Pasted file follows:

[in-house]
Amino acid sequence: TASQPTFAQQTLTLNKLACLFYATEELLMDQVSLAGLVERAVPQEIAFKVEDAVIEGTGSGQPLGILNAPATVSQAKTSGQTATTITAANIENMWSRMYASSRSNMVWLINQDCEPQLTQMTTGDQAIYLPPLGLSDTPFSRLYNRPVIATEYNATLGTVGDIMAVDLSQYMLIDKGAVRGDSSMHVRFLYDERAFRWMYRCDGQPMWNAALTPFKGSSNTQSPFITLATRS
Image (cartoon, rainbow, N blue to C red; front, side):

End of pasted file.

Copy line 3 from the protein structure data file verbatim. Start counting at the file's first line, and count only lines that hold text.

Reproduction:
Image (cartoon, rainbow, N blue to C red; front, side):